At the end of the day the only difference between an amateur production and a professional production may be production values and ticket prices.  It certainly isn’t the talent.  A good story is a good story whether it is told with the best money can buy or if it’s told with a sheet and a piece of cardboard.  For those reason, community theatre needs, and deserves, the right to be judged on equal footing with a professional production.

Give Doug a Lift!

Doug Marr is the founder of the Circle Theatre as well as a renowned local playwright in Omaha, NE.  Doug has been in and out of the hospital for the past few months and the bills are starting to pile up.  His daughter, Emma, has created a fundraising page for him on YouCaring in an attempt to raise $9,500 in the next 60 days to help defray medical expenses.  Doug and his wife, Laura, have donated countless hours to the Omaha theatre community over the past 30 years.  Please click on the link below and help give Doug a lift.  Any little bit helps.  Thank you for your charity.

Give Doug a Lift!

Awakenings, Part 3

And so I ended up being part of Dracula and I was glad for the opportunity.  It was also one of the most challenging shows with which I have ever been involved.  For starters, it was a technical juggernaut.  The show had well over 200 light and sound cues.  On Tech Sunday, the day in which those cues are added to the show for the first time, I was at the theatre from 2pm until 2am and we did not tech the entire show.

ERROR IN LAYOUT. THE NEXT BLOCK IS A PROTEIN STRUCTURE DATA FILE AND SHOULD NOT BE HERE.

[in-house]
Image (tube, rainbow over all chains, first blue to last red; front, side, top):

We also did not have an entire script until a few days before we opened.  Fortunately, the cast was so talented that having to finish memorizing the show near opening night did not appear to be that much of a difficulty.  Finally, the show was monstrously (no pun intended) long.  At nearly 3.5 hours, we knew we had to have a top flight show in order to maintain an audience’s attention for that long of a time span.

As far as my acting went I received one note repeatedly.  “Chris, you’re too big!”  “Chris, pull it back.”  “Too big, Chris.”  I had once heard that a stage actor needed to do everything three times as big for a person at the rear of the balcony could understand it.  Whether the advice was bad or I was merely misapplying the advice, I still do not know, but what was important was that I finally had one of my flaws as an actor clearly defined and that was crucial to the upcoming awakening.